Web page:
Military History

President Trump recently announced a new approach -- a new strategy, basically -- for the U.S. Military in Afghanistan. How will this play out? Our guest on this installment of ST is Omar Samad, the former Afghan Ambassador to France (2009-11) and Canada (2004-09). Now working as a consultant in Virginia, Ambassador Samad has also been a Senior Afghan Expert at the United States Institute of Peace (2012-2013) as well as a Senior Central Asia Fellow at the New America Foundation (2013-14).

On this edition of ST, a discussion with the USSR-born writer Anna Badkhen, whose well-regarded books of nonfiction include "Walking with Abel: Journeys with the Nomads of the African Savannah," "The World Is a Carpet: Four Seasons in an Afghan Village," and "Waiting for the Taliban: A Journey Through Northern Afghanistan." She's written about wars and warfare -- and about living with warfare -- in Afghanistan, Iraq, Somalia, and Chechnya, and her writing has appeared in The New York Times, Harper's, The New Republic, Foreign Policy, and elsewhere.

(Note: This show first aired back in January.) We speak with Frances McCall Rosenbluth, a Professor of Political Science at Yale University and a member of the American Academy of Arts and Sciences. She is the co-author of a new book called "Forged Through Fire: War, Peace, and the Democratic Bargain," which she discusses with us. As was noted in a starred review of this book by Kirkus, this is a "sometimes-counterintuitive but always fascinating interrogation of the history and uses of war....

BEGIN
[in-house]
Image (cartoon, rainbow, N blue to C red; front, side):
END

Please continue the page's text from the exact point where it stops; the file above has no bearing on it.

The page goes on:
(Note: This interview originally aired back in May.) We speak with the New Mexico-based writer and biographer James McGrath Morris, who joins us to discuss his newest work: "The Ambulance Drivers: Hemingway, Dos Passos, and a Friendship Made and Lost in War." As was noted of this historical biography by the New York Journal of Books: "[This book] delves head-first into the mercurial relationship of these two American literary legends....

(Note: This interview originally aired in 2014.) Our guest on this edition of StudioTulsa is Pulitzer Prize-winning historian Joseph Ellis, who has written several well-regarded books on the events and persons concerning the founding of the United States. His fascinating book called "Revolutionary Summer: The Birth of American Independence" -- which he discusses with us today -- details two seminal events in the summer of 1776, both of them quite central to our nation's founding.

On this edition of ST, we learn about a striking new show at the Philbrook Museum of Art here in Tulsa; "Hope & Fear: Propaganda of the Great War" will be on view through November 12th. Our guests are the show's co-curators, Chief Curator Catherine Whitney and Librarian/Archivist Thomas Young. As noted of this exhibit at the Philbrook website: "To commemorate the 100th anniversary year of America's entry into World War I, Philbrook presents wartime propaganda art from the Museum's permanent collection.

Our guest is Bryce Hoffman, a bestselling author, speaker, and consultant who helps companies plan better and leaders lead better by applying systems from the worlds of business and the military. He joins us to discuss his new book, "Red Teaming: How Your Business Can Conquer the Competition by Challenging Everything." What is "red teaming," you ask?